Pope Francis, starting a trip to Hungary, on Friday pointedly warned of the dangers of rising nationalism in Europe and told the Budapest government that accepting migrants along with the rest of the continent would be a true sign of Christianity.
In a hard-hitting speech to government leaders including Prime Minister Viktor Orban, who has had a series of run-ins with the European Union, Francis also urged a rejection of “self-referential forms of populism” and strictly nationalist interests.
Francis called for a return to the “European soul” envisioned by those who laid the groundwork for modern Europe after World War Two, saying nations had to “look beyond national boundaries”.
Speaking on the day that Kyiv vowed an “iron fist” response after Russia hit Ukraine with the first large-scale air strikes in nearly two months, Francis made another appeal for an end to the war there, calling for “creative efforts for peace” to drown out the “soloists of war”.
The three-day visit is the 86-year-old pope’s first trip since he was admitted to hospital for bronchitis in March.
Looking cheerful, Francis, who has a knee ailment, used a cane to walk by welcoming dignitaries and children in national dress at the airport. In recent arrivals, he used a wheelchair.
Asked by reporters about his health on the flight from Rome, the pope joked, saying “I’m still alive” and “stubborn weeds never die”.
Francis is keeping a promise of an official visit to Hungary after a stop of only seven hours to close a Church congress in Budapest in 2021 on his way to Slovakia left many feeling slighted.
Orban, 59, and the pope have differing views on handling migration from the Middle East and Africa to Europe, with Francis believing migrants fleeing poverty should be welcomed.
Orban, whose government built a steel fence on the border with Serbia to keep out migrants, has refused to let Hungary be transformed into an “immigrant country” like he says others in Europe have become.
He asked Francis in 2021, during the pope’s last visit, “not to let Christian Hungary perish”.
HUNGARY’S FOUNDER SAINT
In his speech in the presidential palace overlooking the River Danube, after separate private meetings with President Katalin Novak and Orban, Francis quoted St Stephen, the 11th century founder of Christian Hungary.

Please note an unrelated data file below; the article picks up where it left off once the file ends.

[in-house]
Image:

“Those who profess themselves Christian, in the company of the witnesses of faith, are called to bear witness to and to join forces with everyone in cultivating a humanism inspired by the Gospel and moving along two fundamental tracks: acknowledging ourselves to be beloved children of the Father and loving one another as brothers and sisters,” Francis said.
“In this regard, Saint Stephen bequeathed to his son extraordinary words of fraternity when he told him that those who arrive with different languages and customs ‘adorn the country,’,” Francis said, quoting the saint’s command to ‘welcome strangers with benevolence and to hold them in esteem’.
But Francis appeared to give comfort to Orban’s rejection of the imposition of what he says are liberal values by outsiders. Francis denounced any form of “ideological colonization” on issues such as “so-called gender theory” or “the right to abortion”.
Later, addressing bishops, priests and nuns in St. Stephen’s Cathedral, Francis urged Hungarians to confront “the rapid pace of social change and the crisis of faith affecting our Western culture”.
Orban, who has said that Hungary and the Vatican are the only two European states that can be described as “pro-peace,” later posted on his official Facebook page that the pope’s words were a “confirmation” of Hungary’s desire for peace in Ukraine.
Hungary supports a sovereign Ukraine but still has strong economic ties to Russia. Orban’s government has refused to send weapons to Ukraine. The pope has said sending weapons to Ukraine for self defence is morally permissible.